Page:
The saying goes, “One man’s trash is another man’s treasure,” and this can definitely be the case when it comes to a letterbox filled with annoying junk mail! But what can be seen as an awful waste of paper can actually be re-purposed into some wonderful literacy learning through play for young children – after all, anything which gets children talking about and engaging with printed material is one more step on the road to becoming literate.
Here are eight ways to play with literacy inspired by the humble store catalogue;
1. Collage: cut out pictures of grocery items from your catalogue and allow your child to get busy with a little flour and water paste. Talk to them as they work, asking questions about the items they choose to paste on their masterpiece – “What type of fruit have you pasted here?” “Can you find another green vegetable to stick on your picture?” “Which person in our house likes to eat xx?” Even young toddlers will enjoy this activity and older children can be challenged with tasks such as sorting the grocery items into groups.
2. Concentration: next time you are at the supermarket, grab two of the same catalogues and use them to make a game to play with your child. Cut out matching pictures and glue each onto a square of cardboard. Play concentration by turning all of the pieces over and taking turns to find matching pairs.
3. Bingo: Again grab multiples of the same catalogue to cut out matching pairs of pictures and glue one set to some cardboard squares and use each of the matching images to make a set of bingo base boards – each should contain a random assortment of the matched images. To play, each player chooses a base board, the matching cards are all placed face down and then players take turns to find all of the images on their board. The first player to find all of their grocery items is the winner.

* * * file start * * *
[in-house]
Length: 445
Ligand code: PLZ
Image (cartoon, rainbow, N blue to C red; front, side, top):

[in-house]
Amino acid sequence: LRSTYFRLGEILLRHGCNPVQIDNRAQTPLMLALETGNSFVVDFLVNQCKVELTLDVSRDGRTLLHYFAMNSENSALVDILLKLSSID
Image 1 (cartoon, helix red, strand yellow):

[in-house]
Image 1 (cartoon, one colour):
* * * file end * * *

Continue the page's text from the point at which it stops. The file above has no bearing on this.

4. Which item is it? Use one or two pages from a shopping catalogue to play a simple guessing game. Ask your child to find the item you are thinking of by giving them a series of clues. Clues might relate to the colour, size, shape and function of the item. Then swap and let your child take a turn at making up the clues.
5. Home corner play: if your child enjoys imaginative play, set up a role play shop with toy groceries or tins from your pantry, a pretend cash register and a shopping basket or recyclable shopping bag. Don’t forget to add some catalogues for customers to use to make their shopping list. You might also like to write/draw some shopping lists to include in the play – just be sure to include words and picture clues for pre-readers and early readers.
6. Shopping list: Next time you are using supermarket catalogues to find the specials (or coupons) to write your own shopping list, invite your child to sit with you to make their own. Provide them with paper and a pen and allow them to role play making a shopping list. Talk to them about what you are writing as you make your list to help them learn that writing has purpose and is useful.
7. Developing vocabulary and memory: this is a classic game for a family or group of children aged 4 years and up to play. Sit in a circle and nominate one person to start by saying “I went to the shop and I bought an … (chooses one item)…apple” The next player says “I went to the shop and bought an apple and a … (chooses another item) … loaf of bread.” Continue around the group with each person having to remember each of the previous items and adding one more of their own.
8. Rip it!: Older babies and young toddlers love ripping and tearing so why not give them a catalogue which you are no longer needing to practise the development of fine and gross motor skills (finger, hand, arm) important to later learning to write.
You may also like to visit this post for more information about introducing props into your child’s play.